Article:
Kelly Douglas describes how her son Evan would throw frequent tantrums, “slither on the floor” and look for something new to eat every five minutes. It was as if there was a hunger switch inside of him that was broken and constantly turned to 'on,' she says.
But since starting the Opitmal Weight for Life (OWL) Program at Boston Children's Hospital, Evan, a 10-year old boy with autistic tendencies, has shown improvements in his behaviors around food that his parents couldn’t have imagined. “The whole hunger horror has stopped,” she says. “I’m blown away by how far we’ve come in such a short amount of time.”
It’s not just Evan’s behavior that has improved. In just two months, Evan has dropped more than 8 pounds. Kelly, too, has lost 6.5 pounds!
Like many patients who come to the OWL program, Evan is following a low-glycemic diet. This dietary approach is based on whole, natural foods that help stabilize blood sugar and insulin levels and thereby control appetite.
Kelly has seen firsthand the benefits of this plan on Evan’s appetite and, consequently, his general mood and behavior. She says the key has been the addition of protein to every meal. Unlike refined carbohydrates like white bread, sugary cereals and candy that are metabolized quickly, protein provides long-lasting satiety–that feeling of fullness after a meal. Adding protein to every meal helps Evan keep hunger at bay for for several hours.
“We tried eliminating red dye, went gluten-free and got rid of artificial ingredients when we learned that Evan was on the (autism) spectrum,” Kelly says. “But the protein has made such a big difference. If we don’t have protein at every meal, I start to see that old behavior come back.”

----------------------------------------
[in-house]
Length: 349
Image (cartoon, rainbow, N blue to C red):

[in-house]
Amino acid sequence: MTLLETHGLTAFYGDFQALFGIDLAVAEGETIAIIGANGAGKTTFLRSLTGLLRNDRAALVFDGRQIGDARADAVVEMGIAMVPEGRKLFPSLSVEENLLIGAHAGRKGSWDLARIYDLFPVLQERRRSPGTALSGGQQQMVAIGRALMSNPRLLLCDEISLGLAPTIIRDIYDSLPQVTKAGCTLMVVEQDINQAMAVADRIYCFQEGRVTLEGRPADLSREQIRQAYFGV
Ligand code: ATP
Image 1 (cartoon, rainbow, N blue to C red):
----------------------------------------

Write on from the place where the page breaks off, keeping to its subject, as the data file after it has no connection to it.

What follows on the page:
As part of the OWL program, Kelly has made other changes that have helped fuel Evan’s success. She makes sure he is physically active for at least one hour every day, even if it’s through play such as bike-riding and running around in the yard. She also allows Evan to eat unlimited amounts of fruits and vegetables to satisfy his tendency to use food as a coping tool.
Kelly also sets aside a few hours every week to cook in bulk so that she can have healthy meals on hand on nights when the family’s schedule is too hectic to prepare a healthy meal from scratch. Oftentimes, she will grill a dozen chicken breasts to use in lunches and dinners throughout the week!
Finally, she allows Evan to eat a treat such as a homemade brownie or a small bowl of ice cream once a week so that he doesn’t feel deprived. “I thought this would be so hard but it’s really not,” Kelly says. “And Evan still gets to be a kid.”